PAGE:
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Magnum Chorum

Recognized for expressive singing and inspired programs, Magnum Chorum brings transforming artistry and spirit to a cappella choral music. Founded in the choral tradition of St. Olaf College in 1991, the 60 voice choir presents colorful concerts, commissions and premieres new sacred works, and provides music for worship. The choir also reaches out to under-served populations in prisons to offer a message of hope and faith and build community through fellowship and sacred choral music. Magnum Chorum serves as Choir in Residence at Westwood Lutheran Church in St. Louis Park, Minnesota.

In 2018, Dr. Dwight Jilek was appointed Artistic Director of Magnum Chorum. The choir was previously led by Artistic Directors Jin Kim (Founding Director), David Dickau, Christopher Aspaas, and Mark Stover. The choir has performed under the direction of guest conductors Anton Armstrong, Kenneth Jennings, Sigrid Johnson, Brian Schmidt, Sandra Peter, Matthew Olson, Craig Arnold, Allen Hightower, Dale Warland, Weston Noble, and René Clausen; and performed with Philip Brunelle, Craig Hella Johnson, and Osmo Vänskä.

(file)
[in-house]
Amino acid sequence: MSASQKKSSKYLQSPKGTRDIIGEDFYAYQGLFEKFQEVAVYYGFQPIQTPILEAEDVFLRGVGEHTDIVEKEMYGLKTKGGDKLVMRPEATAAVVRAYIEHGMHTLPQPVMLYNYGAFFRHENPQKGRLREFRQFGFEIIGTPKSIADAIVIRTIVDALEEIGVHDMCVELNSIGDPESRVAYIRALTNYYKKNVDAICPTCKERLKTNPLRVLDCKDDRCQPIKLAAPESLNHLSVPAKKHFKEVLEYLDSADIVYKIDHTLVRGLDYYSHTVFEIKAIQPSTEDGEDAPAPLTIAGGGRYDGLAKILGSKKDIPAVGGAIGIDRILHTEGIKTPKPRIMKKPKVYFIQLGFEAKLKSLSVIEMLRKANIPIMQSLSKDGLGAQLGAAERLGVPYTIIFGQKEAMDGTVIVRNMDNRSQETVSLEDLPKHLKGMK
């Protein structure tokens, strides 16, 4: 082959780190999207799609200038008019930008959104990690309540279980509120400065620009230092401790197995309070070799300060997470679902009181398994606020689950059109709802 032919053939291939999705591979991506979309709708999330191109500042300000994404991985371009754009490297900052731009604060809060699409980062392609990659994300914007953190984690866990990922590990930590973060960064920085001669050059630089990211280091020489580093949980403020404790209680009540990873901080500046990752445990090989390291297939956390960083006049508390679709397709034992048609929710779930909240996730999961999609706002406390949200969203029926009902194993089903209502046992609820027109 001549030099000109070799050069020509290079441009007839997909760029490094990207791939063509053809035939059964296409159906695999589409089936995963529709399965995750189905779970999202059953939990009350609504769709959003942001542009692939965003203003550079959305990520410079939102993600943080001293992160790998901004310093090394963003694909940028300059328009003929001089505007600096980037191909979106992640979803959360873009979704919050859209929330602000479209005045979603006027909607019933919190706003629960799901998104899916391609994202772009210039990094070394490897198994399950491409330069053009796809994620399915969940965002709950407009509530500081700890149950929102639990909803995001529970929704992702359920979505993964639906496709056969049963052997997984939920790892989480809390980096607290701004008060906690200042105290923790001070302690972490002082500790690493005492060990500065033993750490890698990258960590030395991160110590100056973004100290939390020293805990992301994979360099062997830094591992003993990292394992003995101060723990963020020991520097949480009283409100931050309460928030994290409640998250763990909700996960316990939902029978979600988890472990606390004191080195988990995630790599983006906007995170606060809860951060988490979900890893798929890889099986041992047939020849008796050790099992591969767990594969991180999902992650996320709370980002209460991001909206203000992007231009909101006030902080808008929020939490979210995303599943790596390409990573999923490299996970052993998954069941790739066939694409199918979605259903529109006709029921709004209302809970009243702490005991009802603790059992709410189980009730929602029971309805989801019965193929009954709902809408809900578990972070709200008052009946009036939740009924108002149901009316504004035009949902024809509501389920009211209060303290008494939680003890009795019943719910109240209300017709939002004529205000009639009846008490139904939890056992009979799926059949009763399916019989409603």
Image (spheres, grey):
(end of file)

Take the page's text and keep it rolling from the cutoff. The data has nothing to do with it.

Magnum Chorum has championed young composers through its composer-in-residence program including Stanford Scriven, Benjamin Simmons, Scott Senko, and Zach Westermeyer, and recently premiered Sermon on the Mount by award-winning composer Paul John Rudoi. The choir has also collaborated with prolific composers including Stephen Paulus, Frank Ferko, Libby Larsen, Kenneth Jennings, Ralph Johnson and Jake Runestad.

The ensemble has been featured at regional and national conferences of the American Choral Directors Association, Chorus America, American Guild of Organists, American Hymn Society and College Music Society. In 2017, Magnum Chorum performed in the premiere of the Raymond W. Brock commission with the Minnesota Chorale, Homing by composer J.A.C. Redford, at the 2017 National ACDA Conference in Minneapolis under the direction of Robert Spano.

The choir’s recordings are broadcast in the U.S. and Canada on public radio and classical music stations. The name, Magnum Chorum, is intended to convey the importance of the choir in expressing the divine and the infinite through voice, music, and text.